Woman invites restaurants to compete for gluten-free diet training
URBANA — Eating onions that were grilled on the same surface that grilled a hamburger bun isn't a big deal for most people.
But a seemingly small thing like that can make Dana Mancuso and other people with celiac disease sick.
Celiac disease is an autoimmune reaction to gluten, a protein found in wheat, rye, and barley, and even cooking surfaces and utensils that have touched foods with gluten can contaminate a non-gluten food, says Mancuso, 42, of Urbana.
This makes it difficult for her and others with celiac disease to eat at restaurants, she says, but she hopes to add at least one more restaurant in the area where people on gluten-free diets can eat worry-free.
Mancuso is inviting restaurants to enter a drawing to win online training in safe gluten-free food preparation — paid for by her — for the winning restaurant's owner or manager.
She also hopes this contest will make more restaurants aware of safe cooking practices for people who need to stay gluten free.
"I would like to have a lot more local places that don't pre-make all their stuff, and understand more about the cross-contamination issue," Mancuso says.
Celiac disease affects 1 percent of people in the U.S., and about another 6 percent of the population is considered gluten-sensitive. The disease damages the villi of the small intestine and interferes with food absorption, and the only treatment is avoiding foods containing gluten.
That also means a pre-made salad with croutons at a restaurant is out of the running, because most likely croutons have touched the lettuce, says Mancuso.
Chinese food from restaurants is largely out, unless gluten-free soy sauce was used in the preparation, and getting fast food anywhere is difficult because food is typically cooked on a single grill, she says.
Biaggi's got serious about offering safely prepared gluten-free selections about a decade ago because it was getting a lot of requests, says Scott Miller, managing partner at the Champaign restaurant.
Biaggi's corporate chef put together a full gluten-free menu that includes pastas, pizza, entrees, salads, appetizers and a couple of deserts, he said, and the staff has been well-trained on the cross-contamination issue.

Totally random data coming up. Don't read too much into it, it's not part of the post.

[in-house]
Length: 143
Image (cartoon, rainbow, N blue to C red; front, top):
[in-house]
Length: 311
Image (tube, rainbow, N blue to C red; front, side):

Because the restaurant makes everything from scratch, offering gluten-free selections hasn't been much trouble, Miller says.
"You have a fresh pan for every dish and just grab one and use it for gluten-free only," he says.
Mancuso, who was diagnosed with celiac disease three years ago, tends to check out restaurants before she dines out. At home, she has her own peanut butter and butter because they could be cross-contaminated by utensils that have touched bread, and having her own means her family doesn't have to worry about being careful.
Cooking for a family can be a challenge when you have celiac, she says, but "most things are still fine."
She can still eat any kind of unprocessed foods and there are flours available that are made from a variety of other products, such as chickpeas.
Mancuso's contest for restaurants will offer online training through the GREAT (Gluten-free Resource Education Awareness Training) Kitchens program offered by the National Foundation for Celiac Awareness.
Any restaurants interested in winning the free training can contact her by email at email@example.com and leave a message. She will conduct a random drawing May 20. She also plans to provide the non-winning restaurants with information about the training program and how to get it at a discount, she said.
Gluten, celiac and you
— About 83 percent of Americans who have celiac disease are either undiagnosed, or they're diagnosed with the wrong condition.
— Diners ask for 200 million gluten-free meals a year, and 30 percent of adults want to eliminate or reduce gluten in their diets, according to research posted by the National Restaurant Association.
— As of last August, the FDA says foods labeled gluten-free must contain fewer than 20 parts per million of gluten and meet the terms of a new definition.